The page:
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Phnom Penh: The revival of Khmer food

Friends the Restaurant
215 street 13, Phnom Penh
855 12 802 072
Cuisine: International
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The revival of authentic Khmer food meant searching for cooks who had survived the Khmer Rouge regime and documenting their recipes before they were lost forever.
Phnom Penh is a foodtrippers dream. Huge food markets are lined with stalls filled deep with all the fresh herbs and spices a cook could possibly want. Great bunches of lemon grass, fresh turmeric, fragrant saw tooth mint and even ginseng, used here in yellow and red curry paste.
This vibrant city, sprawls along the banks of the great Mekong River and has a remarkable array of good restaurants - everything from Indo French to smart Japanese. Two of the best are Cambodian and run by the social enterprise Friends-International: Friends the Restaurant, a colourful, vibrant fun restaurant and Romdeng, a more sedate establishment housed in a traditional French Colonial house.
Friends International (in Khmer Mith Samlanh = “friends”) was founded by Sébastien Marot in 1994 to save lives and build bright futures for street children and youth. Friends International provides the children with a home, food, medicine, education and vocational training that teach skills leading to rewarding employment and a future they can be proud of. Two of these skills is cooking and service.
Trainees cook their way through a repertoire of recipes during the three levels of their hospitality training. Among them are such specialties as “Fresh river fish served with tamarind sauce and green mango and shallot relish” and “Prawns in crispy taro nest with palm wine and honey vinaigrette”. Each student learns to cook a variety of Cambodian and Western recipes, works in the service of one of the training restaurants to gain hands-on experience and learns about hygiene topics.  After graduation, students go on to find employment in the country’s burgeoning hospitality industry.
The chefs at Friends International, especially Romdeng,  have played an important role in reviving Cambodian food which was virtually annihilated during the 1970s and 1980s by the Khmer Rouge regime, along with much of the country’s rich culture. Until recently you could find bad Chinese and Thai food masquerading as Cambodian cuisine but true Cambodian, or Khmer food, remained elusive.  
The revival of authentic Khmer food meant searching for cooks who had survived the Khmer Rouge regime and documenting their recipes before they were lost forever. All the recipes used in Romdeng have been collected from the provinces across Cambodia, tried out and given a modern twist before including them on the menu.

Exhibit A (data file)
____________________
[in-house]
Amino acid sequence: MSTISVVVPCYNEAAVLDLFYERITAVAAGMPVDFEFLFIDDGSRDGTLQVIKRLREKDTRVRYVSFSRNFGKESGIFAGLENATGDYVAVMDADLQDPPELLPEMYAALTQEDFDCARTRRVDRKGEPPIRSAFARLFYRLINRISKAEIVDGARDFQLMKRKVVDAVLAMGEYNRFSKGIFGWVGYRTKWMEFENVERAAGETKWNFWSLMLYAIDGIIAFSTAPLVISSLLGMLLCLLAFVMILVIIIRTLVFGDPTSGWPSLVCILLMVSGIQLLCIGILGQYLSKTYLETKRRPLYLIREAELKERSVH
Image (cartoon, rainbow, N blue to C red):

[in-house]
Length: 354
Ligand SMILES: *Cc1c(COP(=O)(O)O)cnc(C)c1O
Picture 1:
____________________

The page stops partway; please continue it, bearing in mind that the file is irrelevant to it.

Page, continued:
Khmer cuisine is one of Asia’s hidden treasures. It is often described as a mix of Thai and Vietnamese but this is not quite the case. There are some distinctive features. The use of a wide range of fresh herbs, spices and salad leaves makes the food deliciously fragrant. It also uses bold flavours such as prahok, a fermented fish paste, in many dishes to give them a daring aroma.
The sour tamarind features prominently in this cuisine to balance the saltiness of prahok and the sweetness of palm sugar. Palm sugar is used to give a caramel sweet note to many Khmer dishes. Tamarind grows everywhere in Cambodia. The long bean pods split open to reveal a sticky paste which can be seen drying in the sun in most villages.
The food is mostly quite mild, with chilli pastes served as a small side dish which allows you to make your food as hot as you like. A typical Cambodian meal consists of a soup, a fried dish, salad and steamed rice.
Vegetables are nearly always the main component of a meal as meat is expensive and in short supply. Fresh river fish is excellent. Cat fish and lung fish are succulent, clean tasting white fish that combine beautifully with the herbs and spices of this glorious cuisine.
Fruit is sometimes strange in Cambodia. The famously smelly but delicious durian, the odd but tasty soursop, the scented and strange looking mangosteen and longan an eyeball type fruit - something like a lychee, are plentiful and often served as a selection at the end of a meal.
In Cambodia it is traditional to serve food with spoons; forks and chop sticks but never knives. The other custom Westerners have to get used to when eating with Khmer people is either sitting crossed legged or on very low stools.
At Friends and Romdeng however the western tradition of sitting on chairs prevails. Bright, smiling, faces welcome you into these restaurants. Waiting staff wear trademark Friends T-shirts and the trainees are carefully supervised by a mentor. They attend the tables diligently; listen carefully to orders and all speak very good English. The service at both restaurants cannot be faulted even when they are really busy.